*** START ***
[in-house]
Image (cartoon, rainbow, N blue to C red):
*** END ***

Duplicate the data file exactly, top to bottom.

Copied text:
[in-house]
Image (cartoon, rainbow, N blue to C red):